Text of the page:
A labor shortage is nothing new to the trucking industry. From drivers to technicians, fleets have beefed up recruiting and retention efforts and kept their workforce top of mind for years.
For the restaurant and foodservice industries, however, they’ve never seen anything like this before.
“It’s the worst I’ve ever seen in terms of restaurants getting people to work—from dishwashers to hostesses, to servers, to chefs, to cooks,” said Ben E. Keith’s Vice President, Independent Sales and Marketing, David Werner. Ben E. Keith is a two-pronged, Texas-based business with a foodservice division that serves 17 states and a beverage division that serves 62 Texas counties; 75% of its business is restaurants. “We’re seeing a lot of our restaurants closing on a day that they would normally not close only because they can’t find enough help.”
For context, the National Restaurant Association’s Hudson Riehle, senior vice president of Research and Knowledge, noted “the Bureau of Labor Statistics indicate the industry added 194,000 jobs in June, which is good, but still 1.3 million below what it was before the pandemic.”
Instead of sitting back and waiting for its customers to recover, Ben E. Keith is finding solutions to help its customers when they need it most.
“One of the things we’re trying to do by working with our suppliers is having more value-added, ready-to-eat products,” Werner said. “For example, buying lettuce that’s already chopped or buying onions already sliced will save labor at the restaurant, and when you look at it, especially in this current environment, the pricing for the end-user is the same. We’re really trying to focus on labor-saving products for the customer.”
This is no small feat as Ben E. Keith, like the entire logistics and transportation industries (and really, the country), wrestles with huge supply chain constraints and challenges.
“The inbound supply chain has been disrupted tremendously,” Werner said. “We are struggling to get as much as we order, and then once we get it, you’ve got big-time inflation. Some proteins have doubled in price, and then it is the quintessential domino effect, when one falls and they all fall.”
So what does Ben E. Keith do? Collaborate of course. Werner explained that the company works closely with customers and its internal operations people to find the scheduling opportunities that work. The balance comes at being able to have the people and equipment assets available at a time that works for the customer.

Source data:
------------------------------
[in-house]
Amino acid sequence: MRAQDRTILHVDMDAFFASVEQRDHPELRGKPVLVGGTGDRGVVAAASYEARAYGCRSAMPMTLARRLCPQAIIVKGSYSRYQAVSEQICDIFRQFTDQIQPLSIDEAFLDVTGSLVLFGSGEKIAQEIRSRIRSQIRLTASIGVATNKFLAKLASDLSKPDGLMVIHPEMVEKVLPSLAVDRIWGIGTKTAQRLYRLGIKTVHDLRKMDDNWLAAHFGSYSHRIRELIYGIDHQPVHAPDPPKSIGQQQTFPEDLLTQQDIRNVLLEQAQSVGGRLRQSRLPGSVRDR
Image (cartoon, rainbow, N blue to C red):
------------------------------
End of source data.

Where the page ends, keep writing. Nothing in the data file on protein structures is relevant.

“The last thing you want to do is over promise and under deliver to a customer,” Werner said. “We’re very open and honest with our customers about our abilities to make the delivery windows.
Having an open dialog with our customers allows us to meet their expectations, especially when there are opportunities for flexibility on both sides.”
Compounding all of the labor and supply challenges that the world faces is that new equipment backlogs are well into 2022 at this point. When it comes to equipment procurement and getting the trailers they need, Ben E. Keith turns to its relationship with Great Dane to make sure equipment expectations are set properly and needed builds are in the pipeline.
“Great Dane is a great supplier and partner of ours and has been for a long time,” Werner said. “We continue to value that relationship.”
And come what may (you never can tell after the past 18+ months we’ve all been through), you can be sure that a strong relationship focus will keep Ben E. Keith delivering solutions for customers when and where they need them.
Learn more about how the supply chain is adapting to new demand and shortages: The Rise of the Middle Mile